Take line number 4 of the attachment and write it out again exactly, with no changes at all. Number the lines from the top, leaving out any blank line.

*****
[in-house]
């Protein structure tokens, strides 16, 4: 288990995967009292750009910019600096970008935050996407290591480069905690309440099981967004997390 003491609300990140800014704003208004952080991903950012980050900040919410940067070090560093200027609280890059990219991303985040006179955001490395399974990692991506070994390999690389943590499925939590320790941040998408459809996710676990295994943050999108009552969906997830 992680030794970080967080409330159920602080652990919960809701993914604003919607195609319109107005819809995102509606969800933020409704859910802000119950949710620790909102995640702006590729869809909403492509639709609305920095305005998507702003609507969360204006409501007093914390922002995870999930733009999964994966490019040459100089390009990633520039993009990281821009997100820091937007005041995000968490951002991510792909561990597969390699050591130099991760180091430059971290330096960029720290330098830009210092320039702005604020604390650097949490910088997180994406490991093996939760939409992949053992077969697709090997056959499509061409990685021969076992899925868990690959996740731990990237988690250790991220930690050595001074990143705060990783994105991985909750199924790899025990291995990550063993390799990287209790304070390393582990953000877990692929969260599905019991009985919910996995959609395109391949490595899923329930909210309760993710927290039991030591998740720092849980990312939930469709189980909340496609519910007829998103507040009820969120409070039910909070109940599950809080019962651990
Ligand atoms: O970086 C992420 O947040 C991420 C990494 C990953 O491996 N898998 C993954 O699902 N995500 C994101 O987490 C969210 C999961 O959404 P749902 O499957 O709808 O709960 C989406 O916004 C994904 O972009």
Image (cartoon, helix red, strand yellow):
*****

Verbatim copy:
Image (cartoon, helix red, strand yellow):